Church Renovation And Restoration
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Church Restoration And Renovation Services


News / Articles

Altar-ations time
Mount Joy refinishing firm finds eager customers among churches here and nationwide

By Lori Van Ingen
Page: 1
Intelligencer Journal (Lancaster, PA)
Published: June 7, 2004

LANCASTER COUNTY, PA - Churches all over the United States face the same problem - where to get church furniture restored to its original lustre.

Much of it end up in Mount Joy at Fredrick & Emily's Restoration.

"We have 12, 15, 20 churches' furniture in-house at the same time," co-owner and president Fredrick Taggart said.

The company was recently awarded the contract for St. Patrick's Cathedral in New York City, Taggart said. It will begin working on the altar this summer and on the pews in January.

Since the cathedral has eight Masses a day and the cathedral won't be closed during renovation, Fredrick & Emily's will do the pews in eight phases over eight to nine months, Taggart said. Doing it this way is rare, he said, since most churches shut down the sanctuary while the pews are being worked on.

Besides St. Patrick's, Fredrick & Emily's has worked with churches from Boston to Georgia and New Orleans.

"There's no place in the country we won't go," Taggart said.

Locally, the company has worked with such churches as Covenant United Methodist, where it changed the layout of pews and reworked the walls and pulpit; First Presbyterian, where it worked on the balcony pews; and Lititz Church of the Brethren, where it refinished the chapel pews.

The firm's 18 full-time and 21 part-time employees work on the projects in various stages of completion.

The projects are started by stripping the furniture.

"A few then go straight to sanding, but that's rare," Taggart said.

Usually, there's repair work to be done, he said. They can reconfigure pews for handicapped and build parts that need to be replaced.

"Historically, we maintain the basic design of the pew and make it functional to use, making alterations that are the lowest impact to the design. ... Generally we've seen that pew work before. The basic body design is the same, although the detail work might be slightly different," he said. Many of the historic church pews have seats that are too narrow for congregants because people are getting bigger today, Taggart said. Some are too low to the ground, so the whole pew has to be raised or the layout has to be opened up since it is too close together for the kneelers.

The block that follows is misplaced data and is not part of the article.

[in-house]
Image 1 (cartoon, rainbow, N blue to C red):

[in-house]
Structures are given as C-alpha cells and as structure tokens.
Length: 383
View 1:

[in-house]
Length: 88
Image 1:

"We are very specialized, so we can do all options. We can change the color, comfort and cushions, but not the whole style of the pew," he said.

Next, the company cleans the wood, sands it and then refinishes it. A recent project was previously painted in two tones on an "old knotty pine, which was never meant to be finished," he said.

That particular project was unusual, according to Taggart.

"Mostly churches have pews that are white paneled with mahogany end caps," he said.

Most jobs take six to eight weeks to complete, Taggart said, "but generally the church doesn't want them back so soon. The pews are the first thing to come out. Then the church works on the ceiling, walls and floor."

Therefore, he said, Fredrick & Emily's generally stores the church furniture for most projects from four to six months.

Fredrick & Emily's is a family-owned business. It was founded by Taggart's father, Don Taggart, who died 10 years ago.

"He had a small refinishing shop, no bigger than our offices," Taggart said. "He did refinishing on the side."

He had worked with some churches over the years, but didn't understand how to "plug into the network," Taggart said.

Taggart, who had played golf professionally, thought he would try his hand at the refinishing business his father started.

Jeff Murphy, who ran divisions of Honeywell and GM, recently became co-owner of the business.

"As we grew from $35,000 per year to $35,000 per week, it became overwhelming," Taggart said. "I was good at growing the company, but needed to bring someone else in. It allows me to be president and focus on sales."

Last year, the company grew by 23 percent. By April it had grown another 60 percent, he said.

"I'm pleased to watch the growth and fortunate to be asked to be a partner," said Murphy, former vice president of manufacturing at the former Cardinal Technologies.

Murphy, who is a lifetime woodworking hobbyist, said what drew him to Fredrick & Emily's was Taggart's vision.

"It's rare to see a person who knows where he wants to see (a company) go," he said.

About three or four years ago, Taggart began working exclusively on church furniture. Restoration of church furniture is a bigger business than new pew work, he said. Churches spend in excess of $100 million per year for restoration, Taggart said, citing a Wall Street Journal article.

During church renovations, congregations often overlook the need for renovating its pews, Taggart said.

"Pews need refinished the same as paint on walls and new carpet," Taggart said.

Tell-tale signs that church pews need to be restored, Taggart said, are Sticky pews. "The finish chemically breaks down and wears out, like shingles on a roof after 30 years," Taggart said. After the chemical breaks down, the wood cracks, splits, dries and shrinks since it's not sealed correctly, he said. Splits in the seats.

Color that is worn off or dated.

Cap rails in the back or arm that have light or dark spots from lotion, perfume and dirt on hands which get embedded in it. "The dirt is in the finish and not on it. You have to strip the finish off," he said.

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